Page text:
Employers can make the best use of their time by dealing with the realities they can control.
On July 1, 2015, the City of Chicago’s minimum wage jumped from $8.25 to $10 an hour, and will increase incrementally to $13 by 2019. Meanwhile, efforts to raise the minimum wage are underway throughout the state. Should a similar hike be passed in Peoria, it will affect:
- Employers in areas now paying below the new minimums, who must raise their wages. They will have to raise prices or improve employee productivity to avoid lower profits.
- Employers in neighboring communities, who must raise wages to prevent their best workers from leaving for higher-wage areas. These are the ambitious employees with the drive that makes employers want to retain them, even at higher pay.
- Employers who now pay more than the new minimum. They, too, must raise wages in order to maintain wage differentials by paying highly skilled employees more than their minimum-wage counterparts.
Unless employers improve worker productivity, they will soon face declining profit margins. The alternatives are investing in labor-saving equipment or increasing their prices to consumers—and businesses are reluctant to do either. So how can they improve employee performance, and what is this better performance worth?
The Case for Productivity
All employers are faced with two types of expenses: overhead costs and operating costs. Prudent ones try to keep their overhead low and watch those expenditures closely.
Obviously, one of the largest segments of operating costs is labor. But if employees are more productive, fewer of them are needed. By reducing labor as a percentage of total operating costs, employers can keep prices level and maintain profit margins despite the higher pay mandated by new minimum wage laws. Unfortunately, few small businesses, especially those in service or retail, take the time to look closely at the cost of labor as a percentage of their operating costs, or focus on ways to improve employee productivity to reduce this percentage.
For retailers, labor is often 25 to 35 percent of gross sales, and in manufacturing, labor averages about 65 percent of operating costs. Obviously, better employee productivity has an immediate impact on a business’ bottom line.
Again: faced with higher wages, businesses must raise prices, substitute costly new equipment for labor, or find ways to improve the productivity of current staffers. But raising prices irritates customers, while paying for new equipment is expensive, and few banks are interested in financing such purchases for smaller businesses. But the third way—finding ways to motivate current employees to improve their productivity and performance in order to absorb the higher wages—costs only thought and ingenuity.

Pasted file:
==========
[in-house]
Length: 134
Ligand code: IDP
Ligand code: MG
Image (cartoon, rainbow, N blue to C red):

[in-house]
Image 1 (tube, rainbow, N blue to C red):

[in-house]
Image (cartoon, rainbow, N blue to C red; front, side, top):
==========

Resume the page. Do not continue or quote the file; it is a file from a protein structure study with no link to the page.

Thoughtful businesses are trying to find ways to motivate employees to improve their productivity on the plant floor, reduce redundant paperwork and headcount in back offices, and improve the service and effectiveness of sales representatives so the same volume of work can be accomplished with fewer staffers.
Quantifying Employee Performance
Three years ago, we published the findings of three nationwide surveys—conducted before, during and after the Great Recession—to discern how employers were trying to motivate their workers to improve their performance, and their perceptions as to which methods were most effective.
The results showed the recession had a severe impact on employees. Faced with financial insecurity, most wage-earners focused on paycheck size and job security as essential. Short-term economic motivators, such as “gainsharing plans,” matched employees’ short-term horizons and had the greatest impact on worker performance.
Gainsharing is a group pay-for-performance program which quantifies and gives a dollar value to employee performance. When performance improves over a preset threshold, the value of the improvement is split between employer and employee. For every dollar paid out to workers in bonuses earned by specific measures of short-term performance, the employer saves a like amount in higher productivity, better quality and improved safety. Since gainshare earnings are paid on a short-term basis, they must be re-earned each gainshare period, negating notions that gainsharing is an entitlement.
Gainsharing dovetails nicely with employee expectations: workers expect “extra” rewards for the “extra” efforts expected of them. Fulfilling these expectations is critical for the long-term success of initiatives boosting employee performance. If the “extra” is absent, employee cooperation in any new venture will be short-lived. In many businesses, the most effective way to improve performance and productivity is by designing and implementing incentive programs like gainsharing—tying better performance to increased pay with short-term payoffs.
Many companies cite profit-sharing plans and year-end bonuses as motivational tools, but when asked, few staffers can say exactly what they did to earn them. Obviously, they enjoy receiving such bonuses. But the purpose of payouts isn’t to make employees feel good, but to reward better performance—thereby boosting profitability.
Much has been said debating the wisdom of raising the minimum wage. But employers can make better use of their time by dealing with realities they can control: by finding ways to motivate employees to improve their performance. iBi
Dr. Woodruff Imberman is president and CEO of Imberman & DeForest Inc., where Sophie Harms is a junior consultant. Visit imbdef.com for more information.